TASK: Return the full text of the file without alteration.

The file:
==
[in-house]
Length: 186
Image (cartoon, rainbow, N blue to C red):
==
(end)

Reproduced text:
[in-house]
Length: 186
Image (cartoon, rainbow, N blue to C red):